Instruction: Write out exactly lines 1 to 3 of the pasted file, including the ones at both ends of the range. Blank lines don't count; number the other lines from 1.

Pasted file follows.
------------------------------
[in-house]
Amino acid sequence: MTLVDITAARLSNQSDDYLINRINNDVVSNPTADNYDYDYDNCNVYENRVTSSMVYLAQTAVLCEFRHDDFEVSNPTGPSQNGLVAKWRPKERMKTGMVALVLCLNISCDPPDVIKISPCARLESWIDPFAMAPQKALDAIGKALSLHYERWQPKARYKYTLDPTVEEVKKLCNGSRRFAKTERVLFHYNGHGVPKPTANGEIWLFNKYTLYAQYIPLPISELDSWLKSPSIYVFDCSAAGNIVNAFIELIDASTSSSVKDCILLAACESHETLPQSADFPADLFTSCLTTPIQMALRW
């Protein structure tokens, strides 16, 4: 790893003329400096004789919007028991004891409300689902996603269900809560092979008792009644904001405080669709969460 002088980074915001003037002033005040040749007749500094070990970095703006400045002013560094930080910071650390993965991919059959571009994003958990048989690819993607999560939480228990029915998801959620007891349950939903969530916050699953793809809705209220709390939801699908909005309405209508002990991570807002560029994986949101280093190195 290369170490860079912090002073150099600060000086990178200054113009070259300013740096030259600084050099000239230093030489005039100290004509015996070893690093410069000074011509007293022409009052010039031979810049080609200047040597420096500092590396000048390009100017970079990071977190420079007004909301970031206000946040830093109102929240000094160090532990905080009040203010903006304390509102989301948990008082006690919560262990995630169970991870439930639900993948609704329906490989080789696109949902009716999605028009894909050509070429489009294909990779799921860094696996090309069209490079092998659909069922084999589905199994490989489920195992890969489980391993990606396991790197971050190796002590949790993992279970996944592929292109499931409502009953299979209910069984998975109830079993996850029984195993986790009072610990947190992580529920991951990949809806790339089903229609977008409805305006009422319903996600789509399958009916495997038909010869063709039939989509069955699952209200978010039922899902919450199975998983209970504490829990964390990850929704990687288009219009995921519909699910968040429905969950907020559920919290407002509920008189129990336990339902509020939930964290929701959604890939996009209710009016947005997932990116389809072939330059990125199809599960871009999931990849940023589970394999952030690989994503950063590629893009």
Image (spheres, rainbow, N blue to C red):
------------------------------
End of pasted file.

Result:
[in-house]
Amino acid sequence: MTLVDITAARLSNQSDDYLINRINNDVVSNPTADNYDYDYDNCNVYENRVTSSMVYLAQTAVLCEFRHDDFEVSNPTGPSQNGLVAKWRPKERMKTGMVALVLCLNISCDPPDVIKISPCARLESWIDPFAMAPQKALDAIGKALSLHYERWQPKARYKYTLDPTVEEVKKLCNGSRRFAKTERVLFHYNGHGVPKPTANGEIWLFNKYTLYAQYIPLPISELDSWLKSPSIYVFDCSAAGNIVNAFIELIDASTSSSVKDCILLAACESHETLPQSADFPADLFTSCLTTPIQMALRW
């Protein structure tokens, strides 16, 4: 790893003329400096004789919007028991004891409300689902996603269900809560092979008792009644904001405080669709969460 002088980074915001003037002033005040040749007749500094070990970095703006400045002013560094930080910071650390993965991919059959571009994003958990048989690819993607999560939480228990029915998801959620007891349950939903969530916050699953793809809705209220709390939801699908909005309405209508002990991570807002560029994986949101280093190195 290369170490860079912090002073150099600060000086990178200054113009070259300013740096030259600084050099000239230093030489005039100290004509015996070893690093410069000074011509007293022409009052010039031979810049080609200047040597420096500092590396000048390009100017970079990071977190420079007004909301970031206000946040830093109102929240000094160090532990905080009040203010903006304390509102989301948990008082006690919560262990995630169970991870439930639900993948609704329906490989080789696109949902009716999605028009894909050509070429489009294909990779799921860094696996090309069209490079092998659909069922084999589905199994490989489920195992890969489980391993990606396991790197971050190796002590949790993992279970996944592929292109499931409502009953299979209910069984998975109830079993996850029984195993986790009072610990947190992580529920991951990949809806790339089903229609977008409805305006009422319903996600789509399958009916495997038909010869063709039939989509069955699952209200978010039922899902919450199975998983209970504490829990964390990850929704990687288009219009995921519909699910968040429905969950907020559920919290407002509920008189129990336990339902509020939930964290929701959604890939996009209710009016947005997932990116389809072939330059990125199809599960871009999931990849940023589970394999952030690989994503950063590629893009």